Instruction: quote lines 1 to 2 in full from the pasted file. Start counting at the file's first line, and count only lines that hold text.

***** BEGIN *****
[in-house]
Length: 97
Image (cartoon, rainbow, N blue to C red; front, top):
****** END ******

[in-house]
Length: 97